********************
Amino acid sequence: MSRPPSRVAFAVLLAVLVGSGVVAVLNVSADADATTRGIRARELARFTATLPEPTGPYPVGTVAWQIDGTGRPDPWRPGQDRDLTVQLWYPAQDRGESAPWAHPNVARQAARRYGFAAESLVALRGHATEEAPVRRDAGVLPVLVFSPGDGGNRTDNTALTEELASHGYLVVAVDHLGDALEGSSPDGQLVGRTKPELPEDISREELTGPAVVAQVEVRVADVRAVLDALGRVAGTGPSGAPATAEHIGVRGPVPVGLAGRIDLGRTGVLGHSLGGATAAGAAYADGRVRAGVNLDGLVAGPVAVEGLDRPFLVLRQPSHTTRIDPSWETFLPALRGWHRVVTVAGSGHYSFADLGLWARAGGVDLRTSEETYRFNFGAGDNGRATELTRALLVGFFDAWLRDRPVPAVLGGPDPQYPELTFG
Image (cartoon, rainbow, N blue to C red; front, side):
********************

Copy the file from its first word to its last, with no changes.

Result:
Amino acid sequence: MSRPPSRVAFAVLLAVLVGSGVVAVLNVSADADATTRGIRARELARFTATLPEPTGPYPVGTVAWQIDGTGRPDPWRPGQDRDLTVQLWYPAQDRGESAPWAHPNVARQAARRYGFAAESLVALRGHATEEAPVRRDAGVLPVLVFSPGDGGNRTDNTALTEELASHGYLVVAVDHLGDALEGSSPDGQLVGRTKPELPEDISREELTGPAVVAQVEVRVADVRAVLDALGRVAGTGPSGAPATAEHIGVRGPVPVGLAGRIDLGRTGVLGHSLGGATAAGAAYADGRVRAGVNLDGLVAGPVAVEGLDRPFLVLRQPSHTTRIDPSWETFLPALRGWHRVVTVAGSGHYSFADLGLWARAGGVDLRTSEETYRFNFGAGDNGRATELTRALLVGFFDAWLRDRPVPAVLGGPDPQYPELTFG
Image (cartoon, rainbow, N blue to C red; front, side):